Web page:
By the time we got to the southernmost part of the Keweenaw, we were ready for lunch and—possibly even more so—a drink. We rolled into Houghton, Michigan, which is a sleepy little college town, home to Michigan Tech. I fell in love with the campus. Set along a little canal, Houghton sits among some rolling, wooded hills, that students have lovely views from their dorms. What's more, part of their tuition includes yearlong lift passes for the ski slope that's just across the canal from campus. That's a pretty sweet deal.

Another sweet deal is the Keweenaw Brewing Company, located on the main drag through town. It's a fairly bare-bones establishment, but I can just imagine how nice it'd be to cozy up in the brewery's lounge area on a cold winter day, sipping on beer by the fireplace.

We stayed for one beer each (I had the November Gale Pale Ale, which was pretty delicious), then went on our way. We stopped at a local grocery store in Houghton to pick up groceries for the long weekend, then drove further north into the peninsula to our next destination.


The Jampot is a tiny little bakery near Eagle Harbor that's run by the monks of the Society of St. John. They specialize in jams (duh), but especially thimbleberry jam. The thimbleberry is fairly exclusive to the Keweenaw peninsula (though we also learned they grow in the Pacific Northwest and also, apparently, New Mexico), and taste sort of like a cross between a raspberry and cranberry. A little bit tart, a little bit sweet. When we arrived around 3:00pm on Saturday, the place was hopping...as I imagine it always is. It made taking pictures difficult, and my anxiety level was sky-high thanks to so many people shuffling around in a tiny space...so we made our purchases and got outside quickly.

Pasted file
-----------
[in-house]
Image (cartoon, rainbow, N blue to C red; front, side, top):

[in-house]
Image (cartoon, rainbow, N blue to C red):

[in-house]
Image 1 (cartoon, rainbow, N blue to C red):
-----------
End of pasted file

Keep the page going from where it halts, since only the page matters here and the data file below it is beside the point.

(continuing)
We picked up a couple of jars of jam, some cupcakes and some boozy fruitcake absolutely soaked in brandy (it was amazing). I got a (mammoth sized) gingerbread cupcake that had the most amazing lemon frosting ever. I was in awe of the combination of the two flavors—cozy and tart—and couldn't stop talking about it the rest of the weekend. Those monks know what they're doing.

Once we plowed through our treats, it was time to get to our rental for the weekend. It was a sweet little cabin on Lac La Belle, and was actually on a peninsula on a peninsula on a peninsula. It was quaint and adorable, with beadboard all around and an amazing view from all sides. The lake was literally 10 feet from the house.

Next door there was a family with a gaggle of kids. The cousins were having a blast all weekend, and we had a great time watching them diving for mussels, going fishing and tubing.

After our first night, we woke up the next morning ready for a hike. We drove to a trail near Bare Bluff with lunch in our backpacks.